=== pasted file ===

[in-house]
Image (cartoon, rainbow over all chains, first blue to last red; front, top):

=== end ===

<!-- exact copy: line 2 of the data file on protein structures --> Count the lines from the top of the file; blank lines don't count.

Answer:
Image (cartoon, rainbow over all chains, first blue to last red; front, top):